Kawanabe Kyosai

Kawanabe Kyosai
Kawanabe Kyosai (1831-1889) was a Japanese artist, in the words of a critic, "an individualist and an independent, perhaps the last virtuoso in traditional Japanese painting".

Living through the Edo-era to the Meiji-era, Kyosai witnessed Japan transform itself from a feudal country into a modern state. Born in Koga, he was the son of a samurai. After working for a short time as a boy with Utagawa Kuniyoshi, he received his artistic training in the Kano school, but soon abandoned the formal traditions for the greater freedom of the popular school. During the political ferment which produced and followed the revolution of 1867, Kyosai attained a reputation as a caricaturist. He was arrested three times and imprisoned by the authorities of the shogunate. Soon after the assumption of effective power by the Emperor, a great congress of painters and men of letters was held at which Kyōsai was present. He again expressed his opinion of the new movement in a caricature, which had a great popular success, but also brought him into the hands of the police this time of the opposite party. Kyōsai must be considered the greatest successor of Hokusai (of whom, however, he was not a pupil), and as the first political caricaturist of Japan. His work like his life is somewhat wild and undisciplined, and occasionally smacks of the sake cup. But if he did not possess Hokusai's dignity, power and reticence, he substituted an exuberant fancy, which always lends interest to draughtsmanship of very great technical excellence.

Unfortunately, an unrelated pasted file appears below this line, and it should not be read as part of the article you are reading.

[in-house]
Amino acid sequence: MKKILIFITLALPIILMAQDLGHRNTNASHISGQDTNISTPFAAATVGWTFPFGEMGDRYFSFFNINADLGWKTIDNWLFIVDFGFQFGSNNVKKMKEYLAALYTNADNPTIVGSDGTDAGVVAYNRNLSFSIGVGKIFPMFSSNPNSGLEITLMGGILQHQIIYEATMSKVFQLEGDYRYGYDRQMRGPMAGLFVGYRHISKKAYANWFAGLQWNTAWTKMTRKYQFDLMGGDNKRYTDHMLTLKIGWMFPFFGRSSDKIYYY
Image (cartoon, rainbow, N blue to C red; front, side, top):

In addition to his caricatures, Kyosai painted a large number of pictures and sketches, often choosing subjects from the folklore of his country. A fine collection of these works is preserved in the British Museum; and there are also good examples in the National Art Library at South Kensington and the Guimet Museum at Paris. The Kawanabe Kyōsai Memorial Museum was established in 1977, located at Warabi, Saitama Prefecture, Japan.

All below are from "Hohi Kassen Emaki", 1867, 2 hand scrolls, 897 cm length each